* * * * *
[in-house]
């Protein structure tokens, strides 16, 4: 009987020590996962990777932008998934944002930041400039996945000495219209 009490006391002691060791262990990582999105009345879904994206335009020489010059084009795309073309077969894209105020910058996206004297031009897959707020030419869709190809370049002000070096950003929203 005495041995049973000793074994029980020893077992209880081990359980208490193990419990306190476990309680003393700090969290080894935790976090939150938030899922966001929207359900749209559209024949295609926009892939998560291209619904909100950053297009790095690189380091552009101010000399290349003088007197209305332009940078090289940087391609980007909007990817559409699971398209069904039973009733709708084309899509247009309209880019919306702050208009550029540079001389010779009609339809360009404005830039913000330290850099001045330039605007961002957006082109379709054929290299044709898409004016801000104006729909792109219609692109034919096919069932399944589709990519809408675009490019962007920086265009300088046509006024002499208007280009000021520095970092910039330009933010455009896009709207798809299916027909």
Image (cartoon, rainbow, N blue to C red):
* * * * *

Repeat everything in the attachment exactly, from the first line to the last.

[in-house]
């Protein structure tokens, strides 16, 4: 009987020590996962990777932008998934944002930041400039996945000495219209 009490006391002691060791262990990582999105009345879904994206335009020489010059084009795309073309077969894209105020910058996206004297031009897959707020030419869709190809370049002000070096950003929203 005495041995049973000793074994029980020893077992209880081990359980208490193990419990306190476990309680003393700090969290080894935790976090939150938030899922966001929207359900749209559209024949295609926009892939998560291209619904909100950053297009790095690189380091552009101010000399290349003088007197209305332009940078090289940087391609980007909007990817559409699971398209069904039973009733709708084309899509247009309209880019919306702050208009550029540079001389010779009609339809360009404005830039913000330290850099001045330039605007961002957006082109379709054929290299044709898409004016801000104006729909792109219609692109034919096919069932399944589709990519809408675009490019962007920086265009300088046509006024002499208007280009000021520095970092910039330009933010455009896009709207798809299916027909």
Image (cartoon, rainbow, N blue to C red):